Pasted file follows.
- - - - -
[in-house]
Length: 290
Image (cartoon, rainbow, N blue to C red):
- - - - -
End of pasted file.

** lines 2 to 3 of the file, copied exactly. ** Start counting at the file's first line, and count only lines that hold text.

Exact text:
Length: 290
Image (cartoon, rainbow, N blue to C red):